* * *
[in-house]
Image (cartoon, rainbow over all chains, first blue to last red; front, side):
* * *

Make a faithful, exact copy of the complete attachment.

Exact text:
[in-house]
Image (cartoon, rainbow over all chains, first blue to last red; front, side):